In my previous intermarket correlations update, I’ve shown y’all how risk sentiment being in the driver’s seat has reinforced some correlations. This time, I’m seeing the Canadian dollar and crude oil going separate ways while the rest continue to work on their positive relationships.
For the newbie traders out there, don’t forget to review our School lesson on forex correlations before reading on!
USD/CAD vs. Crude Oil
Back in late July and August, market participants had been keeping close tabs on inventory data from the API and EIA to gauge if the global glut is still a concern.
However, Hurricane Harvey soon stole the spotlight on expectations of oil refineries being temporarily shut down in the Gulf area. For the most part of September, crude oil was buoyed higher by falling stockpiles, projections of stronger global demand in 2018, and expectations of an OPEC deal extension.
In contrast, the Loonie was being dragged lower on weakening odds of another BOC interest rate hike before the end of the year. Around that time, Canada had been printing one downbeat report after another, and it didn’t help that BOC policymakers had expressed concerns about CAD strength.
So far this month, crude oil has been recovering from its brief pullback while USD/CAD has popped higher before, during, and after the BOC decision as December hike hopes were dampened.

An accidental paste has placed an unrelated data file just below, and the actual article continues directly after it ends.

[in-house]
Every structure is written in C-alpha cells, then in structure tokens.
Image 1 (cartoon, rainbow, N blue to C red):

AUD/USD vs. Gold & Iron Ore
The relationship between the Aussie and the precious metal was on the rocks in late July and early August as risk aversion caused gold’s safe-haven quality to shine while the higher-yielding currency was dragged down.
At that time, tensions with North Korea were heightened while the RBA’s neutral stance didn’t exactly encourage traders to buy up the Aussie. The situation started to shift in mid-August, though, as AUD/USD eventually joined in the precious metal’s rally.
And even though gold peaked at the start of September, AUD/USD didn’t leave it behind as it joined in the commodity’s slide as well. This correlation continued to hold up pretty well for the rest of the month until today.
However, there are signs that gold could regain some ground while things aren’t looking too good for the Aussie. For one, the quarterly CPI report from the Land Down Under came in much weaker than expected, which could continue to hurt RBA tightening chances.
EUR/JPY vs. S&P 500 Index
Last but most certainly not least is EUR/JPY and S&P 500, which are often considered barometers of risk sentiment.
The currency pair and the equity index had been moving in lockstep for most of August and until the first week of September. ECB tightening expectations strengthened around the middle of the month, driving EUR/JPY higher, even as the S&P 500 index cruised sideways.
By the time risk appetite and optimism for U.S. tax reform returned, the S&P 500 index resumed its climb but it was EUR/JPY’s turn to lag behind. It does look like the currency pair is starting to catch up, though, especially after the Japanese elections revived bullish momentum.
To sum up, it appears that separate market forces are coming back into play for different asset classes, shaking up some intermarket correlations while reinforcing others. Monetary policy biases also returned to the spotlight, which has led to currency-specific action for the Loonie, Aussie, and euro.